Well, the whole idea of indexing the files on my computer is problematic. The biggest problem I have is thatthe Tracker people lack the expertise to know what data to index and how. It doesn’t help a whole lot if Tracker parses all JPEG files in the Pitures/ folder when the real data is stored in F-Spot. It doesn’t help a whole lot when you have Empathy and Evolution plugins that both have a contact named Kelly Hildebrand, but you don’t know if they’re talking about the same person. You just end up with a bunch of unrelated data.
There was something about hype?
Yeah, the semantic desktop has been an ongoing hype for a while without showing great results. Google Desktop is the best example, Beagle was supposed to be awesome but hasn’t had a release for a while, let alone Dashboard, and it hasn’t caught on in GNOME, either, even though we talk about it for more than 3 years.
But then, Nokia still builds on Tracker for Harmattan, the Zeitgeist team tries to collect data from multiple applications and make use of it in innovative ways. People are definitely still trying. But it’s not clear to me that anyone has figured out a way to make use of it yet.
Now, do I want to use it in my application or not?
Tracker is not up to the quality standards people are used from GNOME software. It’s an exciting and rapidly changing code base with lots of downright idiotic behaviors – like crashing when it accidentally takes more than 80MB memory while parsing a large file – and unsolved problems. Some parts don’t compile, the API is practically not documented and the dependancy list is not small (at least if you wanna hack on it). It also ships a tool to delete your database. Which is nice for debugging, but somewhat like shipping a tool that does
rm -rf ~. In summary, I feel remembered of the GStreamer 0.7 or Gtk 1.3 days. Products with solid foundations, a potentially bright future ahead but not there yet. So it’s at best beta quality. I’d call it alpha.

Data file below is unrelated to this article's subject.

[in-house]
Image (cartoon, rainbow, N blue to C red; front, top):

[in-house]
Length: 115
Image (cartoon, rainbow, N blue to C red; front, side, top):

There is an active development team, but that team is focused on the next Maemo release and not on desktop integration. This is quite important, because it likely means that the development focus will probably only be on new applications for the Maemo platform and not on porting old applications (in particular GNOME ones) to use Tracker. And that in turn means there will not be deeper desktop integration. Unless someone comes up and works on it.
So I don’t want to use Tracker?
The idea of the semantic desktop has great potential. if every application makes its data available for every other application in a common data store that everybody agrees on, you can get very nice integration of that data. But that requires that it’s not treated as an add-on that crawls the desktop itself, but that applications start using Tracker as their exclusive primary data store. Until EDS is just a compatibility frontend for Tracker, it’s not there yet.
So if you use Tracker, you will not have to port yor application to use it in the future, when GNOME requires it. You also get rid of the Save button in your application and gain automatic backup, crash recovery and full text search. But if you don’t use Tracker, you don’t save your data on unfinished software, and you don’t have to rip it out when Nokia (or whoever) figures out that Tracker is not the future.
I have no idea if Tracker or the semantic desktop is the right idea. I don’t even know if it is the right idea for a new Epiphany history backend. It’s probably roughly the same amount of work I have to do in both cases. But I’m worried about its (self)perception as an add-on instead of as an integral part of every application.